Below is Ranking Member Eddie Bernice Johnson’s (D-TX) statement for the record for the hearing titled, “Affirming Congress’ Constitutional Oversight Responsibilities: Subpoena Authority and Recourse for Failure to Comply with Lawfully Issued Subpoenas.”

“I must say I am disappointed and disheartened to be here today. Congressional oversight is critically important. It’s a fundamental function of our government, and it helps to root out cases of waste, fraud, abuse and mismanagement in the federal government. When Congressional oversight is done right, it can help to effect profound positive changes in our society. Since the Science Committee was first established 58-years ago, it has traditionally used its legitimate oversight authority and its investigative tools effectively, identifying technical challenges and helping to resolve real problems, often in a bipartisan manner. But this has changed recently. Today the Majority seems to view its oversight powers as a political tool, and the Committee’s investigative authority as unbounded.

“This hearing appears to be the culmination of a politically motivated ‘oversight’ agenda that has been applauded by oil, gas, and mining interests and broadly condemned by the public, the media and the independent scientific community across the country and around the world.

“The Committee Majority has abused the Committee’s oversight powers to harass NOAA climate scientists, going so far as to threaten former NASA astronaut, and current NOAA Administrator Kathy Sullivan with contempt, all in an attempt to undercut the notion of human-caused climate change. The Chairman has issued subpoenas in a reckless attempt to obtain the health records of hundreds of thousands of American citizens so they could be provided to tobacco industry consultants – all part of some bizarre attempt to disprove the notion that air pollution is bad for people’s health. The Chairman has also demanded documents and testimony from the EPA in a naked attempt to assist a foreign mining company in their active litigation against the U.S. government.

“That brings us to the latest embarrassment of this Committee in the name of oversight: the Majority’s brazen attempts to assist ExxonMobil in the face of legitimate fraud investigations by various state attorneys general. The Majority has claimed that their investigation is about protecting the First Amendment rights of ExxonMobil. However, the law is clear – fraud is not protected by the First Amendment. If any companies in the oil industry defrauded the public or their shareholders in their well-documented disinformation campaign on global warming, then that is a matter for the state AGs and the courts, not the Committee on Science.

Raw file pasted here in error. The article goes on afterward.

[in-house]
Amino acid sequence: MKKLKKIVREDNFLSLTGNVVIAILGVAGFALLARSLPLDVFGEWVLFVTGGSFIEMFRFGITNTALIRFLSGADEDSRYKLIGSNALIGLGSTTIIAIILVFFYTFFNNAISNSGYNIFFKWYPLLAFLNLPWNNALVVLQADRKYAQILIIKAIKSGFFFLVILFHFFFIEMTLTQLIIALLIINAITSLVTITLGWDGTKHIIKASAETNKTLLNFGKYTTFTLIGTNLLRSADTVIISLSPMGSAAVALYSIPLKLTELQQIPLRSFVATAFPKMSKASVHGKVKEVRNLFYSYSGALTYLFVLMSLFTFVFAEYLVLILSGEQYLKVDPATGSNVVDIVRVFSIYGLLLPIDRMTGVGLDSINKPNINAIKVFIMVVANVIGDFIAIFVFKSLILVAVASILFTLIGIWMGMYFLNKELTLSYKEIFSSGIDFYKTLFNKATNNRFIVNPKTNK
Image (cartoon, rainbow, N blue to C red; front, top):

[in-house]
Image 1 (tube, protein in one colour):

“I also want to take a moment to highlight the irony in the Chairman’s nine subpoenas issued to various NGOs. In his stated attempt to protect ExxonMobil’s supposed First Amendment rights, the Chairman is unequivocally violating these groups’ First Amendment rights to petition the government. I hope all the Members of the Majority think long and hard about the precedent the Chairman is setting here, and whether you’d like Democratic Members to take these same kinds of actions against certain conservative minded groups when Democrats are in the Majority.

“I look forward to hearing from Professor Charles Tiefer who worked as the General Counsel for the House of Representatives for 11 years, who can help us understand the clear limits to the Committee’s legal authority to interfere with ongoing investigations by state law enforcement agencies.

“The Majority’s misguided efforts undermine the Science Committee’s important and legitimate oversight authority and dramatically increase the public’s distaste and distrust of this body. That is extremely troubling, particularly at a time when we are confronted with critical scientific and technological challenges affecting the health and safety of the public, the sustainability and diversity of our environment, and the security of our nation and our neighborhoods. These are the issues the Committee should be overseeing, exploring and investigating.

“In closing, let me be clear. The Majority’s actions are not without consequence. Public contempt for the Committee’s recent actions may hinder our ability to effectively conduct legitimate oversight in the future. I hope that Members of the Majority will take a moment to contemplate the lasting damage to this Committee and to this Congress that will result if we continue down the path we are currently on.

“Thank you. I yield back.”

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